Attempts to Suppress Volatility Could Lead to a Crash in Existing Economic and Political Systems
by George Washington
Financial analyst and author Nassim Taleb demonstrated that suppressing market volatility in the short-run leads to much more violent bursts of dislocation and chaos in the long run.
Taleb learned many of his ideas from mathematician Benoit Mandelbrot (who discovered fractals). As Scientific American noted in 2008:
One of those long-time market watchers is fractal pioneer Benoit Mandelbrot. In 1999, Scientific American published an article by Mandelbrot that showed how fractal geometry can model market volatility, while revealing the intrinsic deficiencies of a cornerstone of finance called modern portfolio theory (for which there has been awarded more than one Nobel Prize in Economics).
Mandelbrot, 83, contends that portfolio theory, which tries to maximize return for a given level of risk, treats extreme events (like, say, yesterday’s market shockers) with “benign neglect: it regards large market shifts as too unlikely to matter or as impossible to take into account.” The faulty assumption of modern portfolio theorists, in Mandelbrot’s view, is that price changes do not drift far from the mean when observing daily ups and downs—so extreme events are exceedingly rare. “Typhoons, in effect, are defined out of existence,” he wrote.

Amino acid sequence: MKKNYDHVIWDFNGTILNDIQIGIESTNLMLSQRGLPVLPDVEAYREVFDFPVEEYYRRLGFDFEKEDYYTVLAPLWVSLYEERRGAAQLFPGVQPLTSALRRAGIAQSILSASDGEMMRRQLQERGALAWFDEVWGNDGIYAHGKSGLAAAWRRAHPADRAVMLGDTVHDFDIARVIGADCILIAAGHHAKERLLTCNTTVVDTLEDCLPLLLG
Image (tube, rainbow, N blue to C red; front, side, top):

Similarly, Graham Giller – from Oxford University in experimental elementary particle physics, then strategy researcher and portfolio manager for Morgan Stanley – writes today:
The Greenspan [and Bernanke] era monetary policy has altered the distribution of changes in interest rates in a way that exchanges a reduction in day-to-day ‘normal’ variability for a considerably higher (perhaps catastrophically higher as we are finding out this week) likelihood of extreme shocks.